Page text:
Lessons for Other Industries from Australia's Booming Wine Industry

Centre for International Economic Studies Discussion Paper No. 0025

46 Pages Posted: 13 Jul 2000

See all articles by Kym Anderson

Kym Anderson

University of Adelaide - Centre for International Economic Studies (CIES); Centre for Economic Policy Research (CEPR); Australian National University

Date Written: May 2000


Opportunities for export-led growth by Australia's rural industries are improving as East Asia returns to growth, agricultural protectionist barriers start to be lowered abroad, deregulation of domestic markets continue, and the costs of international transportation and communications drop. Taking advantage of those opportunities requires a concerted effort, however. It therefore makes sense for rural industries seeking to export their way to greater prosperity to look to lessons that can be drawn from other successful industries. There is no more spectacular success story in Australia than the wine industry during the past decade. The industry's dramatic growth over the past dozen years was initially stimulated by a 30 per cent decline in the Australian dollar's real exchange rate in the first half of the 1980s. In the mid-1980s virtually all segments of the industry were domestically focussed, whereas exports now account for 30 per cent of all wine production. Increased export demand explains much of the industry's growth over the 1990s. This has come about through an increasing emphasis on quality in the industry, sustained generic and brand marketing efforts that have greatly boosted Australia's image as a producer of good value-for-money wines overseas, the development of more-effective distribution systems in key markets abroad, and an autonomous switch by consumers both in Australia and elsewhere towards premium wine (driven in part by health considerations, especially for reds). That success has been achieved despite export growth by other New World wine producers and an environment where global wine consumption is declining. That has been possible because the demand for premium wine has been growing rapidly, at the expense of non-premium wine, and Australia's production is being increasingly oriented towards higher-quality products.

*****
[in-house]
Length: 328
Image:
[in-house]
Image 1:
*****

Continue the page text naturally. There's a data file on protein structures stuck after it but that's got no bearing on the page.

The clearest implication for other industries is that dramatic export-led expansion is possible but not without substantial hard work and large synergistic investments of time, effort and money in all three stages of the production process (primary production, processing, and marketing/ distribution). More specifically, as the illustrations discussed in the paper for the olive and dairy industries show: market niches have to be precisely identified at home and abroad; a long-term vision for sustainable growth, based on sound and detailed statistics, is needed to help attract/retain investment funds; training courses and research need to accompany or preferably precede investments in primary production, processing plants and promotion; and where vertical integration is not complete, good relations between primary producers and processors/marketers need to be developed.

Keywords: Wine industry, export-led growth, WTO multilateral trade negotiations

JEL Classification: F13, F14, Q13, Q17, Q18

Suggested Citation

Anderson, Kym, Lessons for Other Industries from Australia's Booming Wine Industry (May 2000). Centre for International Economic Studies Discussion Paper No. 0025, Available at SSRN: https://ssrn.com/abstract=231117 or http://dx.doi.org/10.2139/ssrn.231117

Kym Anderson (Contact Author)

University of Adelaide - Centre for International Economic Studies (CIES) ( email )

School of Economics
Adelaide SA 5005
+61 8 8313 4712 (Phone)
+61 8 8223 1460 (Fax)

Centre for Economic Policy Research (CEPR)

United Kingdom

Australian National University ( email )

Arndt-Corden Dept of Economics
Coombs Building
Canberra, AK ACT 2600
+61 8 8313 4712 (Phone)

HOME PAGE: http://publicpolicy.anu.edu.au/crawford_people/content/staff/acde/kanderson.php

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